Mutt/GnuPG-Outlook-plugin diffs / Support for Microsoft's .epf, .pfx, .p12 ?

gabriel rosenkoetter gr at
Thu Feb 12 19:44:38 CET 2004

On Thu, Feb 12, 2004 at 05:23:46PM -0500, Luis R. Rodriguez wrote:
> I believe you have confused the identify tags (.vfc) allowed by Outlook
> and the certs we're discussing.

That's probably not the case, since I've only "Oh, look, they've got
a preference setting involving digital signatures" experience with
what Outlook calls digital certificates, and my only experience with
vCards is the vague memory that Mac OS's Eudora knows what they are
and I've seen one or two attached to emails and ignored the
attachments. :^>

That is, I don't think it's possible that I could have confused
these two things, since I have, at best, vague and fluttery
knowledge of each.

(I hope I didn't give the impression I knew more than this; I
certainly didn't intend to.)

> No, sorry, it doesn't just ask you for an e-mail, and your name.. It
> brings you to a page where you can *purchase* a certificate. Among the
> companies listed is VeriSign. 

Okay, well, there's another reason not to use this method of
cryptographic signature: it costs money. It costs money
legitimately, of course, since VeriSign and (less dispicable, imho)
companies like them employ people whose job it is to verify that you
really are who you say you are before they sign your certificate.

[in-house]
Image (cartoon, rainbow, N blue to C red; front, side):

This is, in certain ways more attractive for business
correspondence: PGP is nice, but it's inherently a system based
around personal relationships. It feels a bit forced in business
relationships. This is probably no small part of the reason we use
certificate systems, rather than PKI systems, for cryptographic
authentication and encryption of data on "secure" web pages.

As an example: for the first time since I've been working there,
and probably the first time ever, a customer of my employer requested
that we verify the signature on our public key, sent to them so
that they could FTP PGP-enciphered files to us. This is definitely
not part of my job description, but I'm probably one of three people
in an 800-person company who understood the request.  Of the other
two: one's the CTO, and the other was busy fixing either the Cisco
router or the Exchange server. No other customer (much less
employee) has ever recognized that a third party could simply have
replaced the public key we sent to the customer with their own if
they wanted the data. Granted, we'd have noticed rather promptly,
but the damage could easily have been already done. No, I don't
like this, but it's pretty far from the top of my list of things
that need fixing.

> The .vfc (vCard File) files just seem to be another bad idea by MS to 
> bloat e-mail traffic with uncessary/unwanted attachments just to allow
> recipients to view a sender's detailed contact info (mind you,
> sometimes there are just empty).

Are vCards really a Microsoft invention? My first experience with
them was, as I said, within Mac OS (classic) and Eudora, so maybe
I'm tainted by that, but I had the impression that they weren't
actually invented in Redmond, but merely embraced (and, I would
habitually assume, extended) by Microsoft.

gabriel rosenkoetter
gr at
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